You know, if this were TNG, you can be sure that Dr. Crusher and/or Data would have found a way to "restore" her original brain contents by the end of the episode :-)
  • From Alex on 2012-05-23 at 8:08pm:
    I thought this was a 7. In the 2nd tier of shows in the second season. Nomad and how its purpose changed is excellent. That main plot was great. Erasing the brain was cool, but the reeducation was unbelieveable even for star date 4,000.
  • From warpfactor 10.1 on 2012-09-19 at 6:14pm:
    It seems clear on even the most cursory of inspections that Nomad started life as a patio heater. There are several of these 'units' in the garden of the pub near where I live and I tried to destroy them in the way that Kirk destroyed Nomad but they outwitted me by ignoring me completely. They did however have an off switch on the side.
    Pity about the sub-plot with Uhura which was pointless and had so many holes in it.
  • From Jasper on 2013-11-03 at 5:17am:
    This episode does, however, invalidate a recent popular memegif: Scotty was *not* the only redshirt never to be killed. He just got resurrected when he did.

    I would imagine, watching it at the time, if you'd noticed the redshirt tendency, his death might have had some impact for the original audience that it doesn't for the watchers today.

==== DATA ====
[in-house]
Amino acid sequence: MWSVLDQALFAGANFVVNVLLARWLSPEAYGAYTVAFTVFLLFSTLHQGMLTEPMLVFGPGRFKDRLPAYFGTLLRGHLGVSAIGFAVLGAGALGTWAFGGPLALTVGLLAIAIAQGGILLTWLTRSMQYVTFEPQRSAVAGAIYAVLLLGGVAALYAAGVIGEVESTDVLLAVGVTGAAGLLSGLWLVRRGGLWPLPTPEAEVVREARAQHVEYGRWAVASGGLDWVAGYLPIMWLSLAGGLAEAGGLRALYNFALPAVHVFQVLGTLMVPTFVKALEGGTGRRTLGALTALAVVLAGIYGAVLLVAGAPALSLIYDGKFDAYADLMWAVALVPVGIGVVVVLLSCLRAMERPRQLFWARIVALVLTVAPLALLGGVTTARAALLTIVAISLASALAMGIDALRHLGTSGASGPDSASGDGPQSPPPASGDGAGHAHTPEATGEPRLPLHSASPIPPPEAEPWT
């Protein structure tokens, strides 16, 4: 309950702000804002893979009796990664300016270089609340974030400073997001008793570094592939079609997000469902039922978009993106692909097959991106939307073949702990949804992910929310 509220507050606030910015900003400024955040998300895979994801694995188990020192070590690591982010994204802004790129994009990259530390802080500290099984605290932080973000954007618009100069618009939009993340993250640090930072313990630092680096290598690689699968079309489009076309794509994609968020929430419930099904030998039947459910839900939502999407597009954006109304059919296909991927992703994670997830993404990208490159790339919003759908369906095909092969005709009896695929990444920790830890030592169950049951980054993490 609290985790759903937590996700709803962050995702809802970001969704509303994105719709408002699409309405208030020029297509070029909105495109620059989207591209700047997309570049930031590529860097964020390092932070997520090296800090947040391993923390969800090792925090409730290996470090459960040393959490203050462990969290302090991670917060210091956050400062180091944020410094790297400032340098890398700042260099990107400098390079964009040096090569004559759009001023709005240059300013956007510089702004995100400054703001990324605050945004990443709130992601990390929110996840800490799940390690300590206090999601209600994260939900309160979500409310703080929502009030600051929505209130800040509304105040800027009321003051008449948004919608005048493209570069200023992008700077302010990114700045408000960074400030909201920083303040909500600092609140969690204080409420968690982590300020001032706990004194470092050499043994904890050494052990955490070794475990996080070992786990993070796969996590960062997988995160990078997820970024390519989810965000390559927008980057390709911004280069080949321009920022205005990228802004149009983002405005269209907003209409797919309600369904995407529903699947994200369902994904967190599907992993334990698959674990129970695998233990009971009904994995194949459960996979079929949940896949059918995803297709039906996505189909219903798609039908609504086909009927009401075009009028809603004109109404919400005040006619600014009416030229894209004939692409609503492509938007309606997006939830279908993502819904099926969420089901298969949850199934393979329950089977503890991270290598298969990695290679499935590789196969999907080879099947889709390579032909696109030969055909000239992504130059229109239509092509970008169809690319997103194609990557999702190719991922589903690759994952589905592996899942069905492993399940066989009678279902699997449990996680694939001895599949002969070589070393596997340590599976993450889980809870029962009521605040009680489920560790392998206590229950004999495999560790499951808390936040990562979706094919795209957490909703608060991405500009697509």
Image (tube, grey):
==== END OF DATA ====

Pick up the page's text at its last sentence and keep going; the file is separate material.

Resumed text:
• From Chris Long on 2017-11-18 at 5:24pm:
    The biggest problem with Uhura's memory wipe aside from everyone else's complaints was that she was fluent in Swahili. I'm kind of surprised that no one else mentioned this little bit of idiocy.
  • From ChristopherA on 2021-01-17 at 12:38am:
    I totally agree with you and everyone else here that Uhura losing her memory is completely ridiculous in terms of continuity. The issue is blatant enough to detract from the quality of the episode, it is just weird that there are no further consequences for this. Still, it is just a continuity error, not a flaw with the internal logic of the episode.

    I agree it is really confusing stating that nomad’s attacks have the power of 90 photon torpedoes and then showing the Enterprise surviving hits from them. While the statement is pretty silly and does strain your suspension of disbelief, it isn't impossible to make up an explanation for this. It could be they have 90 times the energy of a photon torpedo without being 90 times as effective as a weapon, in that photon torpedoes are likely specifically designed to expend their energy in the most effective way to penetrate shields and damage a starship, while Nomad may have never fought a starship and may simply be shooting huge bolts that waste most of their energy on empty space. For instance, a speeding car can have 90 times the energy of a bullet without being 90 times as lethal.